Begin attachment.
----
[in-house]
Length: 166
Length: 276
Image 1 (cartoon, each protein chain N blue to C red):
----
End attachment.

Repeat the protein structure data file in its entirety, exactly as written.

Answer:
[in-house]
Length: 166
Length: 276
Image 1 (cartoon, each protein chain N blue to C red):